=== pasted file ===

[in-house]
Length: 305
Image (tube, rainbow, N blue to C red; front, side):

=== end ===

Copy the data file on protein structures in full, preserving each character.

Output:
[in-house]
Length: 305
Image (tube, rainbow, N blue to C red; front, side):